Flash Delirium

Album: Congratulations (2010)
Play Video


  • This song was released as the first single from New York-based indie electro rock group MGMT's second album Congratulations. At first it was believed that the duo were not going to release any singles as they saw the album as a complete body of songs rather than a record with standout singles. However, MGMT's Andrew Van Wyngarden told MTV News: "We didn't say that we weren't releasing singles. What we said was that this album didn't really have immediately accessible, catchy dance songs, like the first album had. I don't even know why I said that. But we kind of felt like it's something that's best first listened to as a whole, though, as it turns out, we did release a single. You know, 'Flash Delerium.'"
  • Van Wyngarden told MTV News about this song: "It's the most everywhere-at-once song on the album; it's like chaos. It's supposed to be about kind of going nuts and feeling completely overwhelmed, and everything's falling apart. And it's funny to watch people's reactions to it, because it's kind of a love-it-or-hate-it thing. We just kind of kept piecing it together, just wanted to make something that felt like you were going mad. And there's nothing really pleasant about that."
  • After the song was made available as a freeload, the response was not entirely positive. MGMT's Ben Goldwasser told Spinner UK: "When we first wrote that song, we were laughing so hard. Andrew just reminded me of that - that we thought it was the funniest thing we'd ever heard. And then we got used to it, it started to sound more normal. It's not a single, but we thought it was a good way to entice people to listen to the whole record. I'm sure there are plenty of people who think it's completely weird and not what they were expecting. I'm sorry."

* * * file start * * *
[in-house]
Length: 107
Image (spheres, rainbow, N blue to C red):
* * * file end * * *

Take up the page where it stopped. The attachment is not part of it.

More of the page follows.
• The song's music was directed by Andreas Nilsson (Goldfrapp, Depeche Mode, Moby) and features the MGMT duo attending a bizarre welcome home party. According to publicity materials it "lends a visual clue into the maelstrom and chaos of modern times."
  • MGMT drafted in Jennifer Herrema from avant-garage rockers Royal Trux for additional vocals on this track. She also contributed to "Song For Dan Treacy."
  • VanWyngarden explained the video's concept to Artist Direct: "For the first album, Ben and I were pretty adamant about being in control of the video concepts and their direction. We worked really closely with Ray Tintori to develop all three videos. This time around, we still had input but we wanted it to be more about directors as artists submitting their ideas of what their video would be like. Ben and I really liked the idea for 'Flash Delirium.' It grew from the original treatment after we chose it. The director, Andreas Nilsson, was a really cool guy with a crazy mind. Obviously, crazy minds can think of what's in that video [Laughs]. Ben and I really connected with that. It was a one-day shoot. We didn't want it to just echo the theme of the song of things falling apart and not making any sense really."


Be the first to comment...

Editor's Picks

Jon Anderson

Jon AndersonSongwriter Interviews

Jon Anderson breaks down the Yes classic "Seen All Good People" and talks about his 1000 Hands album, which features Chick Corea, Rick Derringer, Ian Anderson, and many other luminaries.

Jethro Tull

Jethro TullFact or Fiction

Stage urinals, flute devices, and the real Aqualung in this Fact or Fiction.

Elton John

Elton JohnFact or Fiction

Does he have beef with Gaga? Is he Sean Lennon's godfather? See if you can tell fact from fiction in the Elton John edition.

La La Brooks of The Crystals

La La Brooks of The CrystalsSong Writing

The lead singer on "Da Doo Ron Ron" and "Then He Kissed Me," La La explains how and why Phil Spector replaced The Crystals with Darlene Love on "He's A Rebel."

Mike Love of The Beach Boys

Mike Love of The Beach BoysSongwriter Interviews

The lead singer/lyricist of The Beach Boys talks about coming up with the words for "Good Vibrations," "Fun, Fun, Fun," "Kokomo" and other classic songs.

Matt Sorum

Matt SorumSongwriter Interviews

When he joined Guns N' Roses in 1990, Matt helped them craft an orchestral sound; his mezzo fortes and pianissimos are all over "November Rain."